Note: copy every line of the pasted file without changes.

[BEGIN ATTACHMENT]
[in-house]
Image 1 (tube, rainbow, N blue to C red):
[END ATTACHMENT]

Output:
[in-house]
Image 1 (tube, rainbow, N blue to C red):